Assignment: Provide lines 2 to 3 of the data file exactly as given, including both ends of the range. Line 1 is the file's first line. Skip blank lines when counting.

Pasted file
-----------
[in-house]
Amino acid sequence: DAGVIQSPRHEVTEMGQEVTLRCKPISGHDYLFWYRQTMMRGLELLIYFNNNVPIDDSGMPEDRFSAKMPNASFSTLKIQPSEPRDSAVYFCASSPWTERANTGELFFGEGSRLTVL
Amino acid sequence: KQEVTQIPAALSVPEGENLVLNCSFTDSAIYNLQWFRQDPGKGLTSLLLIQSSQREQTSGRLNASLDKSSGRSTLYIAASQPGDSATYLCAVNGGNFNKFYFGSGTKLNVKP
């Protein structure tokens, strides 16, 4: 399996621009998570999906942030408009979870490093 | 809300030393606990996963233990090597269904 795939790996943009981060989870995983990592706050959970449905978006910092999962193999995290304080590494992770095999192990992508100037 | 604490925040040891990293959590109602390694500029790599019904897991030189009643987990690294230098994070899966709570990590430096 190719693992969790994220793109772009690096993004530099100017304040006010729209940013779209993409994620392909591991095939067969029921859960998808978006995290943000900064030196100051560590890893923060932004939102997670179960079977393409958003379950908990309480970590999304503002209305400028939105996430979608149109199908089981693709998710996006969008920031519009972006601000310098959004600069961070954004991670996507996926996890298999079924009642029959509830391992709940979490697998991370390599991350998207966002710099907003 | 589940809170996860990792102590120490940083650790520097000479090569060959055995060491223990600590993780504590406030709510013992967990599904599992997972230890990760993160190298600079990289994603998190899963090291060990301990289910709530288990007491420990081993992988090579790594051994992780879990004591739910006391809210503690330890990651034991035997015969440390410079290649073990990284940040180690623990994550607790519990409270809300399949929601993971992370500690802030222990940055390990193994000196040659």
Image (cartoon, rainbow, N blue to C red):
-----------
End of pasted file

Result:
Amino acid sequence: DAGVIQSPRHEVTEMGQEVTLRCKPISGHDYLFWYRQTMMRGLELLIYFNNNVPIDDSGMPEDRFSAKMPNASFSTLKIQPSEPRDSAVYFCASSPWTERANTGELFFGEGSRLTVL
Amino acid sequence: KQEVTQIPAALSVPEGENLVLNCSFTDSAIYNLQWFRQDPGKGLTSLLLIQSSQREQTSGRLNASLDKSSGRSTLYIAASQPGDSATYLCAVNGGNFNKFYFGSGTKLNVKP